I don't have much of an opinion about the regulatory structure as it exists (altho on many of the days when I think the Christian Scientists might be right about doctors, I also tend to feel that Houston might be right on the subject of zoning). I _do_ have opinions about how some people approach the regulatory structure (that whole thing in Concord really appalled me), and I'm not inherently opposed to changing the regulatory structure -- but I voted no on this:
A libertarian might look at that and say, hey, getting rid of laws, that's good, right? But on the other hand, it would have had the effect of creating a much bigger set of regulatory hurdles to get over (never mind the social justice aspects). Would a libertarian really vote to create _more_ regulation that further limits the rights of property owners?
I don't have any specific suggestions about how the zoning process should be changed, either at the local level or any other level. What I do know is that people get really excited about the built environment (especially when it changes) and important symbolic and cathartic purposes are served by slowing down the development process and making everyone talk to each other. I might come up with something eventually. Mostly, I don't really care.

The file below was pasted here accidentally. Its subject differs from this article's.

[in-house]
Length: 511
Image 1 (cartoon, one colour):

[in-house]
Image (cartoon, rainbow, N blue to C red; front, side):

What I _do_ care about is predicting the future, and the immediate future economically is that we are further into the business cycle, at a point when housing development should be taking off again. But it does not make sense to do single family housing right now, so multifamily should be taking off: there's money, there's desire (new units are being absorbed and rents are still rising). The only thing slowing multifamily down at this point (before it was chickenshit finance partners or lack thereof) is regulation.
There are people in New Jersey who are very coherent on the subject of preserving their low density single family housing within a good commuting distance of great jobs. They don't get sidetracked by whether the units will attract the wrong kind of people (either lower income or with kids or whatever might make multifamily less desirable to a town, in terms of reducing property tax income and increasing costs); they just fucking hate density. I find this somewhat amazing, because the inside of my head is sort of like SimCity: I _expect_ density and when density doesn't happen, I start looking for what slowed it down. My people are not healthy and must need something. (<-- See? Worry about propaganda embedded in video games. That stuff works.)